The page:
Richard Tapia of Rice University has received the National Science Board’s 2014 Vannevar Bush Award. Honored at a banquet and award ceremony at the State Department on May 6, Tapia was cited for “his extraordinary leadership, inspiration, and advocacy to increase opportunities for underrepresented minorities in science; distinguished public service leadership in science and engineering; and exceptional contributions to mathematics in the area of computational optimization.”
Self-described “outspoken critic” of a society too slow to elevate Latinos to prominent positions, Richard Tapia graciously accepted the Vannevar Bush Award. Photo courtesy of the National Science Foundation/Sandy Schaeffer Photography.
Accompanied by Jean Tapia, his wife of 55 years, and their two children, Tapia gave an acceptance speech to an audience made up of current and former NSB members, science leaders, family, and friends. He recalled his role as an outspoken critic of the long-delayed inclusion in the US of “Latinos in upper levels of administration in academia and the National Science Foundation.” Nonetheless, he pointed out, for the first time in history, the director of NSF, France Cordova, the chair of NSB, Dan Arvizu, and the recipient of the Vannevar Bush Award are all Mexican–Americans. “Awards of this magnitude and prestige,” Tapia said, are important in that they add credibility to work on behalf of underrepresented minorities “and facilitate its implementation.”
Attending a ceremony at the State Department in honor of a longtime member of SIAM was an inspiring and thrilling moment for me. To convey the significance of this award to readers of SIAM News, I asked a set of national and SIAM leaders in applied mathematics and education to offer personal thoughts on Tapia’s contributions.
“What makes Richard so remarkable is that he continues to show us what’s possible—that this nation has thousands of children from all backgrounds who can become productive mathematicians and scientists,” said Freeman Hrabowski, president of UMBC. “His passion for education and his commitment to young people should inspire all of us to do more. In the words of Aristotle, ‘choice not chance determines your destiny.’”
“Richard Tapia as well as his story have been a personal inspiration for me and many, many people who come from groups which have been traditionally prevented from making their unique contributions to the progress of science, technology, engineering and mathematics fields in the United States. By his success, he has demonstrated what is possible,” said Sylvester James Gates, 2012 recipient of the National Medal of Science.
Among those expressing admiration for Tapia’s efforts were two former SIAM presidents. “For nearly half a century,” in the words of Doug Arnold, “Richard Tapia has been a tireless force for excellence and inclusion in [STEM disciplines]. . . . The face of American mathematics literally would not be the same were it not for Richard Tapia’s work.”
Mexican-Americans all: NSB chair Dan Arvizu, Richard Tapia, and NSF director France Cordova. Photo courtesy of the National Science Foundation/Sandy Schaeffer Photography.
Mac Hyman focused on Tapia’s passion for science and commitment to engaging others to consider careers in the mathematical sciences: “He has the rare ability to inspire and share his love for mathematics with underrepresented communities, and has given a generation of young professionals the self-confidence to embrace careers in the mathematical sciences.”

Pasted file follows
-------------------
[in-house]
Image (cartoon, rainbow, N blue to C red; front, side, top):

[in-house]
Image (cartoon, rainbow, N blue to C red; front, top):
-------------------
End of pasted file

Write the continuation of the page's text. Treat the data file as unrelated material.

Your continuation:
“Richard Tapia has been a persistent and effective teacher and mentor for the under-represented in our society, drawing them to the beauty and value of mathematics,” said Rita Colwell, who as director of NSF (1998–2004) supported dramatic increases in funding for the mathematical sciences. “He is personally responsible for a large number of new entrants to the world of mathematics, including women, a component of society rarely encouraged to enter mathematics as a professional career path. Richard deserves the recognition and accolades now coming to him.”
As a fellow mathematician, Brit Kirwan, chancellor of the University System of Maryland and chair of the Board on Higher Education and Workforce of the US National Academies, considers Tapia “a personal hero for his lifelong commitment to excellence and inclusion in higher education” and for his research, which “has broadened the frontiers of knowledge in important areas of mathematics.” Tapia is a previous co-chair of BHEW (of which I am a current member).
Vannevar Bush was long associated with MIT, where he was a faculty member before becoming vice president and dean of the MIT School of Engineering (in 1932). In the words of L. Rafael Reif, recently inaugurated as MIT’s first Hispanic president, “ . . . scholar, educator, mentor, and leader, . . . the qualities that Dr. Bush held so dear make [Richard Tapia] an excellent choice for this great honor.” Wesley Harris, Charles Stark Draper Professor of Aeronautics and Astronautics at MIT, pointed to Tapia’s standing among the na-tion’s leaders in producing scholarship in mathematics and in mentoring graduate students, especially underrepresented minority graduate students who have earned PhDs under his supervision.
Having participated most recently in an advisory capacity with Tapia in MIT’s initiative on faculty and race, I take this opportunity to reiterate the great impact that he has had on my life. He has made me think hard about equity and under-representation, particularly about the damage and severe limitations still caused by definitions of meritocracy that fail to account for the deleterious effects of history and initial conditions even as we work to ensure that everybody has access to the promises of our democracy. This effort has been led in words and actions by the incomparable Richard Tapia.